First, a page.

Frankie Zombie’s portfolio includes bespoke shoes, handbags, furniture and even pianos, all reflecting his unique style.
The Spartanburg-based artist has created art for music moguls like Pharrell Williams, Miley Cyrus, and Celine Dion.
This weekend, the NASCAR Cup Series “Art Cars” feature Frankie Zombie’s creations. His No. 78 Ford driven by BJ MacLeod of Live Fast Motorsports His Mustang will showcase his lap custom of Zombie’s design at Sunday’s race at Miami Homestead Speedway (NBC , 2:30 p.m.).
For Zombie, gaining exposure in the world of NASCAR is a career highlight. A 2007 graduate of Dorman University, he is the first black artist to design an “art car” for a NASCAR driver.
“Every project is different, but this one is very important to me,” Zombie said in a video interview with the Herald Journal on the way to Miami. I remember racing in (Rainbow Warrior) cars, I remember all the colors of all the cars, it was color overload, I was like a kid in a candy store.”
He’s particularly proud of his breakthrough in NASCAR, a sport that struggles with diversity and inclusivity.
“I’ve looked up to someone like Bubba Wallace who’s gone through a lot of culture clashes to feel welcome in the world of NASCAR,” Zombie said. There are many different ways to put it together.”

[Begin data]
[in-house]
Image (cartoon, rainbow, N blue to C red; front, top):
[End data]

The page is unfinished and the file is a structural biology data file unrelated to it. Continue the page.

For Zombie, it’s more than a paint scheme
The Jetsons caught Zombie’s attention as a child. He lived in the Bronx with his aunt and uncle at the time. He is drawn to his bright pastel colors used in classic Hannah Barbera animations, as evidenced by “Art His Car” and throughout his Zombie work.
Besides, futuristic cartoons captured his imagination.
“In the Bronx, about 99% of the people I saw were Black, Hispanic, Puerto Rican, or Asian. I was just daydreaming about this cartoon, recreate your neighbors and act out that scene,” he said. “[In my work]you see a lot of the Jetsons pastel palettes and angles, and I wanted to make it my own.”
Zombie said his use of bright colors is also symbolic of his emotions. His mother has been battling breast cancer for four years. Working with pastels inspires his family, friends, fans and himself during difficult times. The hood and roof of McLeod’s car are bright pink in homage to National Breast Cancer Awareness Month.
“For me, dark colors often represent pain and scars. When my mother started battling cancer, I said, ‘From now on, I’m going to use only light colors.'” We want to help people change their perspectives, minds and hearts through color. “
“No Fear” is written on the car in honor of his mother’s struggles, but Zombie said its paint scheme resonated with McLeod and members of his Live Fast Motorsports team as well.
“Once we start talking about paint schemes, we’re both going through the same thing. I’m helping my mother on her journey. BJ (MacLeod) is going through different things. We’re fighting the visual arts.We can help you on your journey.”
How did Frankie Zombie connect with NASCAR?
Zombie has partnered with Motorsport Games, which specializes in racing game development and publishing, as well as esports.
The partnership live fast motorsporthelping Zombie and his art reach people through charity events.